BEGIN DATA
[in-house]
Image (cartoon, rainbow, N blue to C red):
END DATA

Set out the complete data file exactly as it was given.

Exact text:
[in-house]
Image (cartoon, rainbow, N blue to C red):